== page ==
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The Solar System Clock - what is in a day?

Day (Synodic) Clock

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Rotation (Sidereal) Clock

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So, just as we got our ahead around the Solar System Clock, we have a curve ball. Our clock up until now measures a day in terms of the time it takes for the sun to return to the same position in the sky. If the sun starts is directly above us, a day has elapsed when the sun is directly above us again, roughly 24 hours later. The thing is that planets orbit the sun while they are rotating. So, the sun has moved relative to our position since the previous day and this means that a 'day' does not match a rotation. A better way to measure a day is by measuring how long it takes for some distant object (such as a star) to return to the same position in the sky. This measure of a rotation is called the synodic period. The two clocks above compare synodic (day) verses sidereal (rotation).

What can we tell by looking at these clocks?  

Slower rotation, bigger difference

The difference between the synodic and the sidereal period is more obvious in planets that rotate more slowly such as Mercury and Venus. This makes sense, because the longer the rotation period, the further that the planet moves along its orbit before it has rotated. 
Beyond Venus, the day and rotation periods are almost identical. This is because the rotational period is comparatively shorter than  the orbital period. 

Direction of rotation

The rotation period of Mercury is shorter than the day. That is, the sun returns to the same position in the sky less frequently than the planet rotates. Why is that? Well, it is because Mercury rotates in the direciton of orbit (direct rotation), so it needs to rotate further for the sun to return to the same position in the Sky. 
Venus is quite the opposite. The day is shorter than the rotation. This is because Venus rotates in the opposite direction to the orbit (retrograde rotation), so it doesn't need to rotate quite as far for the sun to reach the same position in the sky. The same applies for all planets that have the retrograde rotation (as shown by the anticlockwise clocks of Venus, Uranus and Pluto).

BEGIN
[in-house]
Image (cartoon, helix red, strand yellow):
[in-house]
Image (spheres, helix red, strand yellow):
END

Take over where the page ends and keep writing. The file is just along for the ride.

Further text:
It is not always immediately obvious why planets with direct rotation have longer days than rotation periods and planets with retrograde rotation have longer rotation periods than days, but is easier to understand when seen in a simulation. Click 'Go' below for a simulation (then read the explanation below)Pause, continue or reset the simulation when you want to.

The planet in the left system has direct rotation, the planet on the right has retrograde rotation. The current position of the observer is shown by the small red pyramid. There are two lines, one to show the rotation point and one to show the day point (this will always point directly to the sun). When the observer passes the rotation point, the planet has completed a rotation and when the observer passes the day point, the planet has completed a day (the sun will have returned to the same position in the sky as seen by the observer). 

Note that given that the planets have the same rotation speed, the rotation period is the same. It is the day length that will change depending on direct or retrograde rotation. 

It is quite clear now that with direct rotation, it will take the observer longer to pass the day point than the rotation point and the opposite for retrograde rotation. 

Cogs and wheels

Have a look at the simulation below showing the relative progression of the years, days and rotations and the numbers behind the calculations.

PlanetYearsDaysRotationsOrbital period (Earth days)Days per yearRotations per yearDay/Rotation

References and further reading
This page was the source of the values that I used in programming The Solar System Clock. The whole site is an excellent resource for information about astronomy.
In particular, for information on the rotations of the planets, see

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